Publish, don't perish – Instalment 7
Online is fine, Part II
Last month's column talked about the ins, outs, and advantages of writing for online journals and other Internet publications. Now, let's move on to discussing some of the various ways to self publish online.
Automated tools and graphical editors have lowered the barrier of entry to the point where any self motivated librarian can self publish on the Internet. Want a blog? Go to Blogger.com or Livejournal.com, register for an account, and have your own within a couple of hours. Want a website? Contact your ISP, Geocities.com, or one of thousands of low cost hosts; use automated site builder tools, or invest in a copy of Microsoft FrontPage. More advanced? Use your own favourite tools and services!
If you're not yet familiar with weblogs, or blogs, these are websites showing brief, reverse chronological postings or musings from the site's author. Content can range from a personal diary, to commentary on new stories, to full length articles and discussions. Weblog software and hosting services allow you to use graphical editors to format and publish your posts to your personal blog without needing to know HTML. (For examples of library-related weblogs, see librarian.net or LISNews.) Interested parties can subscribe to your blog to automatically receive your newest postings as you publish them. (For an easy way to get started subscribing to several representative library blogs so that you can see what the fuss is about, visit Bloglines for librarians in three (and a half) easy steps.)
Blogs and other forms of online self publication can range from the utterly personal to the impersonally professional; those that land closer to the professional end of the spectrum are those most likely to interact fruitfully with your other publishing activities and help build your library writing career.
As discussed last month, publishing in online professional journals can let your work appear in a more timely fashion. You can also, of course, publish anything on your own website or blog the instant you finish writing it – and can start collecting comments and criticism the instant you finish posting it. If you have opinions on a current news story or professional discussion, posting them online allows you to contribute your thoughts while the issue is hot. If you have ideas you want to work out before committing to more formal publication, posting online can help you organize your ideas while simultaneously collecting feedback from others.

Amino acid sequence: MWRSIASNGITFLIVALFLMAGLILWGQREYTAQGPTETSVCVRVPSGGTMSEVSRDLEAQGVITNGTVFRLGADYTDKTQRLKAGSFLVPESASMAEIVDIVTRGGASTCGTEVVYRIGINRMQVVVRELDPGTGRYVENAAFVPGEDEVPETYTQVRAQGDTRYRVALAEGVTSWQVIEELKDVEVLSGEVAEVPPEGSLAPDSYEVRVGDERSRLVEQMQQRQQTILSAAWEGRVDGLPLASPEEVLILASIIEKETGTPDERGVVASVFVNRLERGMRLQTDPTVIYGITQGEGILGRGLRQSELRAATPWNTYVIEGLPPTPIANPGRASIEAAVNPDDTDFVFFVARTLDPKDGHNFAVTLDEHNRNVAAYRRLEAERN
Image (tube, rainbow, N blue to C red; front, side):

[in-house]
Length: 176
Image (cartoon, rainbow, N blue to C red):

Self publishing online can extend your online reputation beyond the presence you establish in the online professional media. If you create a resource of use to other information professionals, or if you build up a reputation as someone with thoughtful comments and insights about professional issues, you will start attracting a regular audience to your personal online presence. Your online writing will be searchable and accessible; you can easily add a link to your resume, to your e-mail signature file, to directories of library-related resources.
Those who self publish online do bypass the traditional function of editors and review panels as gatekeepers, and in most cases need to consider ways to duplicate that function by creating their own circle of trusted critics. Be even more careful than when submitting your work to journals to take the time to read your writing over, or have someone else read it over, and determine that it says what you actually want to say – before you put it up on the Internet for the world to see.
The temptation to throw your work online without thinking it through leads some to speak quite dismissively of the potential of these self-publishing venues. Michael Gorman, for one, writes: "Unfortunately, if there are writers of genius, or talent, or even basic competence out there blogging, I have yet to find them. In the early heady days of the Internet, we were promised that, in the future, everyone could be published. Alas, that promise is being fulfilled, which should remind us all to be wary of what we wish for" (Our Own Selves: More Meditations for Librarians, Chicago: ALA, 2005: p. 208).